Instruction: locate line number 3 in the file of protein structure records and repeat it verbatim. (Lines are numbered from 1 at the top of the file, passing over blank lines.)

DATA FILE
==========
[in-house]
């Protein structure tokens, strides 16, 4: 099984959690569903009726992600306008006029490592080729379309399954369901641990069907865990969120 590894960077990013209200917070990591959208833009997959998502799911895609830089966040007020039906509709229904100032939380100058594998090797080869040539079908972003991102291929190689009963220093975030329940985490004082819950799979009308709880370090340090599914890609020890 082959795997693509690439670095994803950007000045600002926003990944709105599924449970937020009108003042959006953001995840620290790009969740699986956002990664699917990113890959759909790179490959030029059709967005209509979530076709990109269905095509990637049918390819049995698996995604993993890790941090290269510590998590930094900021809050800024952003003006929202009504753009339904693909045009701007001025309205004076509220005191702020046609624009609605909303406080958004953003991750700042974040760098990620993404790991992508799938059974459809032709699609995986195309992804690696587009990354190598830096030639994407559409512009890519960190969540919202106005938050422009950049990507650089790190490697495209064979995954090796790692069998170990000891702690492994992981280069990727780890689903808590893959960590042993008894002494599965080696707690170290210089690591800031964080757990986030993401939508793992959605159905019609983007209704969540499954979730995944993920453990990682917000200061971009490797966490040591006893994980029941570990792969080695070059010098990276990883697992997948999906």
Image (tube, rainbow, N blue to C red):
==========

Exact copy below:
Image (tube, rainbow, N blue to C red):